Military service members often come home with special issues that remain unresolved for decades. They may have seen combat and even witnessed comrades die in battle. Yet they may tuck the trauma away deep down inside, never saying a word about their wartime experiences to family or friends. We Honor Veterans at SleepMS with direct collaboration with the Department of Veterans Affairs to offer comprehensive sleep medicine services to our vets.
Depending on each veteran’s needs, patients may benefit from the expertise of the following:
Nightmares and Night Terrors
Nightmares are considered a diagnostic marker of PTSD in combat veterans. More than half of them report a significant nightmare problem several times a week. This means they are facing recurrent nightmarish dreams. These often come to them in sleep as flashbacks of traumatic experiences from their service work abroad.
Sometimes, veterans can also experience something known as night terrors. These anxious moments in the middle of the night are terrifying, not only for those going through them, but for their bed partners, roommates, or families.
The difference between a nightmare and a night terror is twofold: Nightmare content is generally remembered the next day, whereas a person who suffers a night terror will seem awake and inconsolable during an episode, but have no memory of it the next day. Also, nightmares are actually vivid dreams with frightening content, whereas night terrors occur between stages of sleep during periods of arousal.
Over 90 percent of active-duty personnel with PTSD suffer from insomnia that is considered “clinically significant.” By comparison, those without PTSD suffering from insomnia only constitute 28 percent. Insomnia is typically viewed as a symptom, rather than as a full-fledged sleep disorder. Acute insomnia is temporary but disruptive. Chronic insomnia occurs with regularity over long periods of time (three months or more) and adds to sleep debt. Deployment-related insomnia is a form of sleeplessness that’s distinct among military personnel. New troops are fearful of combat exposure and injury. Immediately, they are forced into irregular sleep-wake schedules. Those who complete their service must then re-adjust to home life. When deployment-related insomnia not treated immediately and proactively, it can become a major risk factor for the development of PTSD, depression, and suicide.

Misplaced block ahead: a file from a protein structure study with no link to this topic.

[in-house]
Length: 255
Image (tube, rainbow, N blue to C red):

All forms of sleep apnea can be problematic for veterans. Many cases are not related to obesity, poor health, or aging. Instead, they are related to neurological or physical damage suffered during service. They could also be the result of substance abuse. Click here to learn more.
Restless Legs Syndrome
Cases of restless leg syndrome (RLS) have been reported among veterans. In some cases, the condition is so severe as to be deemed a contributor to disability, for which the VA compensates. For veterans, RLS is often diagnosed as a neurological dysfunction under the larger spectrum of PTSD.
With RLS, one’s legs develop uncomfortable sensations and an urgent need to move at or near bedtime. The legs could become “jumpy,” itchy, or have an otherwise unpleasant feeling to them. This makes it difficult to fall asleep. The best method for immediate relief is a warm shower or mild exercise or massage. However, medications have evolved to help keep these sensations at bay.
Parasomnias constitute sleep disorders in which the central nervous system activates during sleep, often around arousals or transitions between sleep stages. Two forms of parasomnias that often occur in veterans with PTSD include REM behavior disorder (RBD) and sleep paralysis.
REM Behavior Disorder (RBD)